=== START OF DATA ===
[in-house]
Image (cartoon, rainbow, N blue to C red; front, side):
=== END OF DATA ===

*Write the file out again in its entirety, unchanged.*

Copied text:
[in-house]
Image (cartoon, rainbow, N blue to C red; front, side):